How a Parasite Might Hold Clues for New Arthritis Treatment
All right, this is just plain? distressing If you?re at all squeamish about parasites, read on at your own riskAll right, this is just plain? distressing. If you?re at all squeamish about parasites, read on at your own risk. Researchers at the Universities of Glasgow and Strathclyde will try to understand why auto immune diseases like rheumatoid arthritis and multiple sclerosis are so rare in countries where parasitic worm infections are common and whether this may lead to new effective arthritis treatments.
Yes, that?s right. Parasitic worms living inside the bodies of populations from tropical regions without causing them any trouble at all. And perhaps, strangely, providing some benefit. Which leaves you to wonder if Mother Nature doesn?t know just exactly what she?s doing after all?
The scientific community is well aware of an inverse relationship between worm infections and diseases like rheumatoid arthritis, inflammatory bowel disease, type-1 diabetes and multiple sclerosis. Countries where people are naturally infected with this particular parasite seem to have lower rates of these conditions than those countries where this type of infection doesn?t occur or has been eradicated.
Luckily for the squeamish among us, it?s not the actual parasitic filarial nematode worm that the Scots scientists are wanting to put into our bodies, it?s a large molecule they secrete known as ES-62. This substance is found in the bloodstream of parasite infected people in the tropics, and seems to provide some protective benefit against the inflammation the worms should be causing in their human hosts. The good news is that ES-62 has no known adverse effects, leaving the body perfectly able to fight off other infections.
?ES-62 appears to act like a ?thermostat? to effectively turn down disease-causing inflammation while leaving essential defense mechanisms intact to fight infection and cancer,? according to Iain McInnes, a member of the research team and Professor of Experimental Medicine at the University of Glasgow. ?This property also makes ES-62 a unique tool for scientists to identifying how such disease-causing inflammation occurs.?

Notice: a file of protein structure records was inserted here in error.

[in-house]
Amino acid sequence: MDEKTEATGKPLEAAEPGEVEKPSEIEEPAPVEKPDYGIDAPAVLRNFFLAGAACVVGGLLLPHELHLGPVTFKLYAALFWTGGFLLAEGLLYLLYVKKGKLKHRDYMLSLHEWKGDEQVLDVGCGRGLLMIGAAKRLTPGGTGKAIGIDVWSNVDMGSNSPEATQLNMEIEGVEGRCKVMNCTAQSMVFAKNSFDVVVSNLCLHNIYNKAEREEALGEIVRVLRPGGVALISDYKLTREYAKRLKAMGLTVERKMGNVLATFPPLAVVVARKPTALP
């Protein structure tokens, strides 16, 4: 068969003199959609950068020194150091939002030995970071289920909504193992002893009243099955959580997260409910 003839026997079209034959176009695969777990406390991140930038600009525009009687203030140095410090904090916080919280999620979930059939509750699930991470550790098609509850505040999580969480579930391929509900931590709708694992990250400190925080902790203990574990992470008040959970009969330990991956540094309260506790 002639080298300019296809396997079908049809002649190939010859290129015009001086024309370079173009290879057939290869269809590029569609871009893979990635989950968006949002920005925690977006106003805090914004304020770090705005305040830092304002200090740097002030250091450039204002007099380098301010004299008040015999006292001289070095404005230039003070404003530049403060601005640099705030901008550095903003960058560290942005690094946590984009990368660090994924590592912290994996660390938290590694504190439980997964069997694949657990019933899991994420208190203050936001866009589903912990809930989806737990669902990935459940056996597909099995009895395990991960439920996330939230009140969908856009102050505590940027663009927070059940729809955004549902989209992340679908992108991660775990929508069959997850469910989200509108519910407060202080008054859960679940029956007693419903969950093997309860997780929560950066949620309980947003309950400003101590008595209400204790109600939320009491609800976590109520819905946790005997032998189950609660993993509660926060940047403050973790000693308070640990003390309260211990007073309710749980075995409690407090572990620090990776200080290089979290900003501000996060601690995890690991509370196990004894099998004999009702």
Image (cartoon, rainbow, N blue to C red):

The team is going to try and produce a synthetic (again? whew!) version of the ES-62 molecule from the worms in an effort to come up with an anti inflammatory therapy that works effectively for auto immune diseases like rheumatoid arthritis, inflammatory bowel disease, type-1 diabetes and multiple sclerosis. The three-year study is being funded by the UK's Arthritis Research Campaign.
Earlier work has also shown ES-62 to have real potential as a therapy for allergies too.
Rheumatoid arthritis is a potentially crippling joint disease that comes as a result of your immune system attacking itself. Inflammation in the joints and internal organs is the result and is an incredibly painful condition.
At present there is no cure for this severely debilitating condition, but there is lots of research currently underway, and various arthritis treatment options are available that help take down the painful inflammation and keep joint damage to a minimum. One such treatment has recently hit the headlines ? a drug called Tocilizumab (which will be sold under the brand name RoActemra). This works in conjunction with another arthritis drug Methotrexate and works to halt symptoms.
Over 14,000 people have joined Kirsten's popular (and sometimes controversial) Daily Health Bulletin, so why not join them and stay up to date with the latest on arthritis treatment and general health news daily. You also get 5 comprehensive health reports free when you join - giving you all you need to treat common ailments, lose weight, look younger and feel healthier.